Judit Elek's emotionally draining documentary about the life of Holocaust survivor and Nobel Peace Prize winner Elie Wiesel is an accomplished pieceof work that will certainly crop up at several film festivals during the year and should find limited theatrical as well as TV exposure in many territories.
Judit Elek’s emotionally draining documentary about the life of Holocaust survivor and Nobel Peace Prize winner Elie Wiesel is an accomplished pieceof work that will certainly crop up at several film festivals during the year and should find limited theatrical as well as TV exposure in many territories.
Made with Wiesel’s full cooperation, the film focuses mostly on his journey, accompanied by a small group of friends, back to Sziget, the Transylvanian town where he was born and where he spent his youth until, at the age of 15, he was transported with his family to Auschwitz.
In Sziget, which is now in Romania but which was part of Hungary in 1944, Wiesel receives a warm welcome from local officials and is made an honorary citizen; in his acceptance speech, he warns against rising nationalism in Romania. Walking around the streets, he talks to locals who remember that the Jewish section of the town was destroyed by the authorities after the Jews themselves were taken away. Wiesel meets an elderly man who proves to be the brother of his family doctor; the man reveals that he escaped transportation by hiding out in the forests.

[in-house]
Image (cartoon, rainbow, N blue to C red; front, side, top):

Meanwhile, old film footage vividly depicts the way the Jewish citizens of towns like Sziget lived before the war. Wiesel recalls his childhood and the closeness he felt to his parents and younger sister.
In Auschwitz, a tour around the grim remains of the concentration camp is accompanied by Wiesel’s painful recollection of his experiences there. He speaks of the last time he saw his mother and sister, and of how his father was beaten to death as he begged for water.
Elek’s understated but deeply touching film opens with footage of the inauguration of the Holocaust Memorial Museum and ends with the 1986 presentation of the Nobel Peace Prize to Wiesel by the King of Norway in Oslo. Music is used sparingly as a gentle counterpoint to the images.
Docu’s most powerful element is Wiesel’s frank commentary as he literally speaks about the unspeakable. This is another important addition to the list of films about the horror of the Holocaust.